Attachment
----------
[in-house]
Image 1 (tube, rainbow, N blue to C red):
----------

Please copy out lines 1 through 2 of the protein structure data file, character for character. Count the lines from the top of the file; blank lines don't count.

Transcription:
[in-house]
Image 1 (tube, rainbow, N blue to C red):